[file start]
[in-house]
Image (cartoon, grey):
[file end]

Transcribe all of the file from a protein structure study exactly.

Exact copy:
[in-house]
Image (cartoon, grey):